Some glacier tours include a visit to an ice cave. Though these ice caves are difficult to navigate, some are open to the public. You can explore thousands of years of ice in the Ice Grotto, a unique ice pavilion hidden inside the glacier. Aside from the beauty of this natural wonder, ice cave tours include a fascinating interactive experience. Those wishing to take part in an ice cave tour should be prepared to wear crampons and ice picks.

Another offbeat destination in the Russian far north is an ice cave in Slovak Paradise. This is one of the country’s largest ice caves, with a wall of up to 26 meters. The Dobsinska Ice Cave has a developed tourism industry, and the ice cave is open from May to September each year. There are a few hours of snowy conditions during this time, but you can still visit the frozen lakes and sculptures.

Located close to the Katla Volcano, these glacier tours are sure to impress your friends. The “Brilliant” grotto is illuminated with thousands of crystals and features a massive underground lake. The Apostle Islands mainland sea caves are also worth visiting during the cold months of the year. If you’re a fan of cold, wet weather, or adventure sports, an ice cave in the Russian Far North will surely make you happy.

Faraway destinations

If you’re looking for the ultimate winter escape, then try visiting some of Russia’s most remote regions. Lake Baikal, for example, freezes over between early January and late May. Visitors can cross-country ski across sections of the frozen lake, explore the caves of the Tazheran Steppes, or even go ice rafting. Most international flights will stop in Moscow, which is a mix of historic reminders and greenery.

When visiting St. Petersburg in the winter, be sure to visit the Russian State Hermitage Museum. The city’s theatres are home to some of the country’s most celebrated plays. The Russian ballet is perhaps the only export that can match the AK-47 as a symbol of Russian strength and courage. You’ll be amazed by the majesty of this city and its surroundings. In fact, you’ll be able to experience some of the world’s most exquisite performances in Russian ballet.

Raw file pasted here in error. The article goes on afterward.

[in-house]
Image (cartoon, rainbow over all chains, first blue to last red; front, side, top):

Although it’s chilly and sometimes wet, Russia’s seasons are what draw many visitors. During spring, the air is crisp and green, while autumn is cooler and nature turns to brilliant shades of red. In winter, the weather is cold and frosty, and it is ideal for snow lovers. The country’s many iconic landmarks are even more breathtaking during this season. In winter, Russians embrace their traditions and celebrate the New Year in grand style.

If you’re interested in history, you can’t miss out on Yaroslavl, the first Christian city on the Volga River. It is home to magnificent monuments from the 11th century, such as the Monastery of the Transfiguration of the Saviour, one of the most fortified and richest monasteries in the country. A gander of the city can be had by climbing the bell town.


Sitting on the spit of land between Lithuania and Poland, Kaliningrad is the westernmost part of Russia. While it’s a seaport city, the region is also surrounded by Lithuania and Poland. There’s plenty to see in this fascinating mix of cultures. Visitors to Kaliningrad are rewarded with striking scenery, a thriving city with 700 years of Prussian history, and picturesque coastal towns.

The city’s architecture hints at Europe, and the surviving Brandenburg Gate and Fishing Village showcase this heritage. Kaliningrad’s flea markets are among the best in Russia, and collectors from all over the world come here to shop for second-world war relics. The Amber museum is another popular attraction, and you can stay in a 19th-century building for the lowest prices per bunk bed.

Aside from its seaport, Kaliningrad is home to the Russian Baltic Fleet and is the most western town in Russia. While not a big city by any stretch, Kaliningrad is also closer to the Baltic Sea, Berlin, Prague, and St. Petersburg than these other major cities. The nearest large cities are in Lithuania and Poland. It’s worth noting that the weather in Kaliningrad is mild and pleasant even in the winter.

You can explore medieval burgher quarters and Soviet areas in the city. A maritime museum and a restored Fish Village are worth seeing in Kaliningrad. Don’t miss the Cathedral, which houses the grave of philosopher Kant. A visit to the Curonian Spit is about two hours away from the city center. This beautiful region has something for everyone, and is definitely worth a visit.